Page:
Unfortunately for the Marxists, there can be more than one “socially necessary” labor time required to produce one and the same good—as many as there are different grades of land or mineral deposits necessary to produce a desired quantity of output.

As Ricardo explained in his classic chapter "On Rent,” people first bring into production the most productive land and mineral deposits. If their output is insufficient to meet the demand, people resort to land and mineral deposits of the second quality, and so on.

Each succeeding quality of land and mineral deposits requires more labor per unit of output. That’s what makes them land and mineral deposits of inferior qualities.

Thus, there is no one quantity of labor required to produce a bushel of wheat or pound of cotton, but a range of quantities. And yet all the bushels of wheat or pounds of cotton in a given market at a given time sell for the same price. The different quantities of labor do not result in different prices.

One and the same good is often produced in different countries with different degrees of economic development. In the more advanced countries, less labor per unit of output is required than in the less advanced countries. Yet the price of the product tends to be the same in both.

The cost of production of the product also tends to be the same in both countries, with differences in the quantity of labor required accompanied by opposite differences in wage rates. Thus, half the quantity of labor tends to go with double the wage rate and vice versa.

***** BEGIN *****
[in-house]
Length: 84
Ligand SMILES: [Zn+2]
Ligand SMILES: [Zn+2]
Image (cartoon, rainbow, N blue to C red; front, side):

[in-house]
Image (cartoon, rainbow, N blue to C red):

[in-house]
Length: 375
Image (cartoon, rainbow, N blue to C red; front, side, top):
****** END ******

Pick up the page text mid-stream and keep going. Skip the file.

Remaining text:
Please note: insofar as the prices of products are determined by their cost of production, differences in wage rates are fully as important as differences in the quantity of labor in determining the products’ relative value, irrespective of the labor theory of value.


According to Marx, “Commodities, therefore, in which equal quantities of labour are embodied, or which can be produced in the same time, have the same value.” (Capital, vol. 1, pt. 1, chap. 1; [reprinted, New York: Random House, The Modern Library, p. 45.])

A logical implication of this is that since a one-dollar bill and a one-hundred-dollar bill require the same amount of paper and ink and the same printing press time, etc., etc., and are thus products of the same amount of labor, they should exchange one for one.

The labor theory of value cannot explain the exchange of irredeemable paper money, which requires hardly any labor to produce, for commodities that require more labor, usually vastly more labor, to produce.